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Silverlight and the Unity Container - Property and Method Injection

, 28 Aug 2009
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Using Property and Method injection with Silverlight 3

Introduction

In this article, Property Injection (and Method injection) will be demonstrated. This will be done using the unity container.

Background

Code for this article has been written using Silverlight 3 and Unity Application Block 1.2 for Silverlight. The XAML and its output are very similar to a previous article (on Constructor Injection). Most of the concepts mentioned here are also similar to the older article.

Using the Code

Again, the two numbers that are going to be added are represented as interfaces in the sample code. We are then implementing these interfaces in two number classes (one each for the numbers).

//Interface
public interface INumberA {
    int NumA {get;set;}
} 
//Number
public class NumberA:INumberA {
    private int intNumA;
    public int NumA
    {
        get {return intNumA;}
        set { intNumA = value; }
    }
}

The Total class this time does not contain a constructor. Instead it contains two properties. These properties are actually the number interfaces the total "depends" on.

The Dependency attribute is important here. This is what tells Unity what types this class depends on.

//Property Injection
[Dependency()]
public INumberA PropNumA { get { return this.objA; } set { this.objA = value; } }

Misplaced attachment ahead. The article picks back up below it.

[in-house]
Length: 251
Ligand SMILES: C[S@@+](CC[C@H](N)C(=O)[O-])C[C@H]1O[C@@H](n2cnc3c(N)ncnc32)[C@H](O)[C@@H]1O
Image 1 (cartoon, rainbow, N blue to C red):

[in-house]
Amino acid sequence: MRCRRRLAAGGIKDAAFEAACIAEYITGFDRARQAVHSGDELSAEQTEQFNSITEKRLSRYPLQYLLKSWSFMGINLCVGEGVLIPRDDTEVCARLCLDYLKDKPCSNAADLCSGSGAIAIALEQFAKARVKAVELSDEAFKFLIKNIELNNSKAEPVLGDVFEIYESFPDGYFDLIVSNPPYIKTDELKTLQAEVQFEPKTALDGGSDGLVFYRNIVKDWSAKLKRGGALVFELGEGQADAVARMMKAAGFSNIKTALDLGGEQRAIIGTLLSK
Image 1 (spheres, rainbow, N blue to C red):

//Property Injection
[Dependency()]
public INumberB PropNumB { get { return this.objB; } set { this.objB = value; } }

Instead if we were using method injection, this is what this code would look like:

[InjectionMethod]
public void initialize(INumberA objA, INumberB objB) {
   this.objA = objA;
   this.objB = objB;
}

A method with the InjectionMethod attribute is created. The dependencies are set to be the two parameters.

The Total class also implements the INotifyPropertyChanged interface and some properties that are used in binding to the XAML.

public int Sum {
    get {
    return intSum;
    }
    set {
        if (intSum != value) {
            intSum = value;
            OnPropertyChanged("Sum");
        }
    }
}
public int NumA {
    get {
        return objA.NumA;
    }
    set {
        if (objA.NumA != value) {
            objA.NumA = value;
            OnPropertyChanged("NumA");
            GetSum(objA.NumA, NumB);
        }
    }
}
public int NumB {
    get {
        return objB.NumB;
    }
    set {
        if (objB.NumB != value) {
            objB.NumB = value;
            OnPropertyChanged("NumB");
            GetSum(NumA, objB.NumB);
        }
    }
}

private void GetSum(int num1, int num2)
{
    Sum = objA.NumA + objB.NumB;
}

Hardly anything changes in the xaml.cs code behind file.

IUnityContainer container = new UnityContainer()
//Interfaces used - so register the correct type
.RegisterType<INumberA, NumberA>()
.RegisterType<INumberB, NumberB>();
//Unity takes care of instantiation of all dependent classes
this.DataContext = container.Resolve<Total>();

The total is displayed and calculated once the application is run and the numbers are entered on the web page.

Points of Interest

Note that nothing changes in MainPage.xaml.cs, i.e. no matter what injection style is used, for this sample, the client remains the same.

History

  • Initial revision - 23rd August, 2009

License

This article, along with any associated source code and files, is licensed under The Code Project Open License (CPOL)

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About the Author

Abhinav S
Software Developer (Senior)
India India
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Web03 | 2.8.140827.1 | Last Updated 28 Aug 2009
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